Who has never been impatient for the waiter to bring the bill to the restaurant?
Or has never spent long minutes dividing the bill between friends and so much time waiting for each to follow one another in front of the bank card terminal?
It is to all these small inconveniences, extremely time-consuming for both the customer and the restaurant owners, that the start-up Sunday intends to put an end to.
Its solution: payment by smartphone, without any server intervention.
Proof of the interest of their innovation, the leaders of Sunday - Victor Lugger and Tigrane Seydoux, co-founders of the Big Mamma restaurants, associated with Christine de Wendel, former director of operations of ManoMano - have succeeded in raising 20 million euros to ensure a massive deployment from Thursday April 15.
And this, in four markets, initially: in France (when bars and restaurants reopen), but also in Spain, the United Kingdom and the United States.
A plus for the customer, the waiter and the restaurant owner
Concretely, a QR code is associated with each table.
If you can read the menu and place an order, above all, it allows you to pay instantly at the end of your meal.
Everyone can choose the dishes or the part of the bill they want to pay by credit card, Apple Pay, Google Pay or even restaurant ticket card.
You can also add a tip and, to receive a receipt, just leave your email.
The idea was born at the end of the first confinement in spring 2020. "We saw the QR code bloom on the tables to consult the menus, or even order," explains Victor Lugger.
But even if it means putting in a QR code, why couldn't we pay with our phone?
The founders of Big Mamma then developed their concept internally, creating bridges between the QR code, the restaurant owner's cash register software and the customer's smartphone before trying it out in their fourteen establishments.
“We put that in place by saying to ourselves:
It might not be stupid, it might be a good idea,
” smiles Victor Lugger.
With the smartphone payment system, "the tables turn 15 minutes faster, the staff has 40% more tips and the ticket increases by 10%", assures Victor Lugger, one of the founders of Big Mamma and boss of Sunday.
LP / Arnaud Journois
Three months later, 80% of their customers were paying via their smartphone.
And everyone seems to have something for it, according to figures put forward by Sunday.
"The tables turn 15 minutes faster, the staff has 40% more tip and the ticket increases by 10%", recalls Victor Lugger, who tested the process on 100,000 tables, or 480,000 customers, between the two confinements .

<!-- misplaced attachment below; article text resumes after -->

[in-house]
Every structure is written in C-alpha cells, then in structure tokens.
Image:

Break the bank monopoly
The icing on the cake, Sunday announces that its payment solution is two to three times cheaper than payment by credit card.
Without installation costs, without commitment, the start-up is remunerated by commission on transactions.
The banks could therefore be the big losers in the affair.
“Currently, they are in a strong position against small traders, denounces Victor Lugger, who points out the rental rates of bank terminals and high fees on each transaction.
It's a market that has never been disrupted, but you shouldn't expect people sitting at a gold mine to be willing to make things easier and cheaper.
The smartphone payment market also seems to be on point.
Several French players have positioned themselves in this niche and are courting restaurateurs, such as Billee or Maakyo.
This latest start-up, created even before the Covid-19 pandemic, already equips ten bars and thirty restaurants in Lille (North) and even six establishments in Barcelona (Spain).
“This competition shows that there is a real market,” notes Clément Mazzoni, one of the three co-founders of Maakyo, which is targeting 2,500 partner establishments by the end of 2021.
Covid-19: a QR code to hope to find the way to restaurants
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Sunday is not lacking in appetite either.
The team, which numbers around 40, is expected to double in size next month.
More than a thousand establishments - including those of the Bertrand group and some of the Michelin-starred chef Eric Frechon - have already adopted it and the start-up sees this system as one of the tools to support the recovery of post-Covid activity. .
And Victor Lugger to make a bet: "In three years, the whole world will pay in this way in restaurants".